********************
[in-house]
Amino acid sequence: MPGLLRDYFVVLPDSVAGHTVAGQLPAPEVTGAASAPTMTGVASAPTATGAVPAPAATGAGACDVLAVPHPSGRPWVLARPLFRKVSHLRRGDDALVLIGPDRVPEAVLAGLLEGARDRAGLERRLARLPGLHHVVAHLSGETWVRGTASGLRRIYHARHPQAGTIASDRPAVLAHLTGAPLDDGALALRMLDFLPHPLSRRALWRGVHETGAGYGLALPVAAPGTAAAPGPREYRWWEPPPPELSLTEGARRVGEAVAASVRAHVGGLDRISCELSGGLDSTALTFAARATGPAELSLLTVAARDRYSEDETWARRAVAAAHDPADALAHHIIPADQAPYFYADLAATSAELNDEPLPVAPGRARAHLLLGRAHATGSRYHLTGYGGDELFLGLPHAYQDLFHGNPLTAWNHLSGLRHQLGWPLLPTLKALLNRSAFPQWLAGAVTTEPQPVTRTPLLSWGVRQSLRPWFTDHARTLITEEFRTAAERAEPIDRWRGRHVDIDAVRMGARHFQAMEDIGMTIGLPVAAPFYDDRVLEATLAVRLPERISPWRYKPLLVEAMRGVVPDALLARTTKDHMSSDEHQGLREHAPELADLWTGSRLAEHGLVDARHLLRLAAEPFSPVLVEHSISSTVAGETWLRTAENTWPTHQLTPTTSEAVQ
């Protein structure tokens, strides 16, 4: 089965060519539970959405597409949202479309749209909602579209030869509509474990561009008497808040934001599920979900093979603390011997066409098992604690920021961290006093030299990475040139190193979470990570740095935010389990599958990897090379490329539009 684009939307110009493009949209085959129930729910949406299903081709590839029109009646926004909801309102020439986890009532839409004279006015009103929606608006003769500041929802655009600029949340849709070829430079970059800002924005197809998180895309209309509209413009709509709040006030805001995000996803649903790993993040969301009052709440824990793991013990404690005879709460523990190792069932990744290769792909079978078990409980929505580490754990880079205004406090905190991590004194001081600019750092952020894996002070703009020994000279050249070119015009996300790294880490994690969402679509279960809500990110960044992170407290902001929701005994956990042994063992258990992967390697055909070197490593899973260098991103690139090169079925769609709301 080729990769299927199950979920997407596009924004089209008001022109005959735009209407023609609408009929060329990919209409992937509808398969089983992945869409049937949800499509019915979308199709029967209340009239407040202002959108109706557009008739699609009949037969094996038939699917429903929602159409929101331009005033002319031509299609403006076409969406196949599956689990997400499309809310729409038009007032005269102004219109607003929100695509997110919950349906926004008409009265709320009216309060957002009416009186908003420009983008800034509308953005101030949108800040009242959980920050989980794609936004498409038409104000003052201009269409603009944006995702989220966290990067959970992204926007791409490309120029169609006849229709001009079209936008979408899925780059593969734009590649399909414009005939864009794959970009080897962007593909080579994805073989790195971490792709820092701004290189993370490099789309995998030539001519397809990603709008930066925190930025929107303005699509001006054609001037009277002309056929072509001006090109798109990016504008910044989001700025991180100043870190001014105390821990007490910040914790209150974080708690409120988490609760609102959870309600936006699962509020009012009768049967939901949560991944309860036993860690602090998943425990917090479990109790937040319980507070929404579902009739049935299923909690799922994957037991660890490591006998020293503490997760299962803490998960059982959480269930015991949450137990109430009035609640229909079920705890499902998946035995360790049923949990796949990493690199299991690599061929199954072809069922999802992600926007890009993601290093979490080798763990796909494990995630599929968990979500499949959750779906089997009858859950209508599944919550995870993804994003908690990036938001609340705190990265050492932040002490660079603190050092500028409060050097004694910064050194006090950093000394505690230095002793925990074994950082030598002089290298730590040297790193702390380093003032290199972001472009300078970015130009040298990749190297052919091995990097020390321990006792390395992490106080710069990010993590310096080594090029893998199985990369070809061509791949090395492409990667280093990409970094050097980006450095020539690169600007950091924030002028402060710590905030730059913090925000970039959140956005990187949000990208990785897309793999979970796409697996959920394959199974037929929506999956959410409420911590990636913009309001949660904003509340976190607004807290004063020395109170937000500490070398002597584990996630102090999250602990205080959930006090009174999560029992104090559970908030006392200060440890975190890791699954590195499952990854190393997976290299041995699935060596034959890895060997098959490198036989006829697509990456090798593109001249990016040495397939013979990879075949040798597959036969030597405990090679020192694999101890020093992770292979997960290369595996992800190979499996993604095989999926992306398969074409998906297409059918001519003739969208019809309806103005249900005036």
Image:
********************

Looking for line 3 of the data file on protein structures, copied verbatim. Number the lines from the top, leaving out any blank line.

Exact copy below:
């Protein structure tokens, strides 16, 4: 089965060519539970959405597409949202479309749209909602579209030869509509474990561009008497808040934001599920979900093979603390011997066409098992604690920021961290006093030299990475040139190193979470990570740095935010389990599958990897090379490329539009 684009939307110009493009949209085959129930729910949406299903081709590839029109009646926004909801309102020439986890009532839409004279006015009103929606608006003769500041929802655009600029949340849709070829430079970059800002924005197809998180895309209309509209413009709509709040006030805001995000996803649903790993993040969301009052709440824990793991013990404690005879709460523990190792069932990744290769792909079978078990409980929505580490754990880079205004406090905190991590004194001081600019750092952020894996002070703009020994000279050249070119015009996300790294880490994690969402679509279960809500990110960044992170407290902001929701005994956990042994063992258990992967390697055909070197490593899973260098991103690139090169079925769609709301 080729990769299927199950979920997407596009924004089209008001022109005959735009209407023609609408009929060329990919209409992937509808398969089983992945869409049937949800499509019915979308199709029967209340009239407040202002959108109706557009008739699609009949037969094996038939699917429903929602159409929101331009005033002319031509299609403006076409969406196949599956689990997400499309809310729409038009007032005269102004219109607003929100695509997110919950349906926004008409009265709320009216309060957002009416009186908003420009983008800034509308953005101030949108800040009242959980920050989980794609936004498409038409104000003052201009269409603009944006995702989220966290990067959970992204926007791409490309120029169609006849229709001009079209936008979408899925780059593969734009590649399909414009005939864009794959970009080897962007593909080579994805073989790195971490792709820092701004290189993370490099789309995998030539001519397809990603709008930066925190930025929107303005699509001006054609001037009277002309056929072509001006090109798109990016504008910044989001700025991180100043870190001014105390821990007490910040914790209150974080708690409120988490609760609102959870309600936006699962509020009012009768049967939901949560991944309860036993860690602090998943425990917090479990109790937040319980507070929404579902009739049935299923909690799922994957037991660890490591006998020293503490997760299962803490998960059982959480269930015991949450137990109430009035609640229909079920705890499902998946035995360790049923949990796949990493690199299991690599061929199954072809069922999802992600926007890009993601290093979490080798763990796909494990995630599929968990979500499949959750779906089997009858859950209508599944919550995870993804994003908690990036938001609340705190990265050492932040002490660079603190050092500028409060050097004694910064050194006090950093000394505690230095002793925990074994950082030598002089290298730590040297790193702390380093003032290199972001472009300078970015130009040298990749190297052919091995990097020390321990006792390395992490106080710069990010993590310096080594090029893998199985990369070809061509791949090395492409990667280093990409970094050097980006450095020539690169600007950091924030002028402060710590905030730059913090925000970039959140956005990187949000990208990785897309793999979970796409697996959920394959199974037929929506999956959410409420911590990636913009309001949660904003509340976190607004807290004063020395109170937000500490070398002597584990996630102090999250602990205080959930006090009174999560029992104090559970908030006392200060440890975190890791699954590195499952990854190393997976290299041995699935060596034959890895060997098959490198036989006829697509990456090798593109001249990016040495397939013979990879075949040798597959036969030597405990090679020192694999101890020093992770292979997960290369595996992800190979499996993604095989999926992306398969074409998906297409059918001519003739969208019809309806103005249900005036």